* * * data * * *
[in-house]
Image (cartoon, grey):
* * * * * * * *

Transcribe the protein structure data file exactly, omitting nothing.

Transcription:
[in-house]
Image (cartoon, grey):